Black Colleges Seek Relief From Loan-Default Regulations
In order to avoid throwing dozens of tribal colleges and historically black colleges and universities out of federal student-loan programs, which could cause some schools to shut down, Congress is poised to pass legislation that would allow them to remain exempt from rules barring institutions with high default rates from the programs.
Under federal law, schools that have posted student-loan default rates of 25 percent or more for three years in a row lose eligibility for the Federal Family Education Loan programs. Congress passed the law in 1990, but exempted tribal colleges and H.B.C.U.'s until July 1994.
Now that the deadline is approaching, advocates for those schools are seeking to extend the exemption. Supporters argue that they serve large proportions of economically disadvantaged students who would otherwise be shut out of higher education.
Without the waiver, students at nearly one-third of the 104 historically black schools recognized by the Education Department would lose loan eligibility, a 1993 General Accounting Office report said.
In addition, if current trends persist, 41 H.B.C.U.'s that have default rates at or exceeding 25 percent could face a required state review of their participation in all federal student-aid programs.
S 2004, which was passed by the Senate last month, would extend the exemption until July 1, 1998. The House is expected to take action on a similar bill when lawmakers return from their spring recess.
"In theory, you could stop the problem by ceasing the lending, or ceasing enrolling students,'' said William (Bud) Blakey, a lawyer who represents H.B.C.U.'s. "But presumably the federal government doesn't want these schools to stop enrolling those students.''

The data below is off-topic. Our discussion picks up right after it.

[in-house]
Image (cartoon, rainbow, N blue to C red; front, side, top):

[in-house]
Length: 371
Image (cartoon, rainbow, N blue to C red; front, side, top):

The exemption would allow schools to participate in the loan programs while they work to improve their default rates, said an aide to a sponsor of the House bill.
Mr. Blakey said "part of the problem is in fact systemic'' and improved management may not be enough. "However, we do feel with this extension that the institutions will be in the best possible situation to have addressed the management side of the problem,'' he said.
In a letter to lawmakers, Secretary of Education Richard W. Riley said he supports the bill and is "committed to working with these institutions ... to insure that they are all in full compliance by the end of the extension period."
Vol. 13, Issue 29, Page 19Published in Print: April 13, 1994, as Black Colleges Seek Relief From Loan-Default Regulations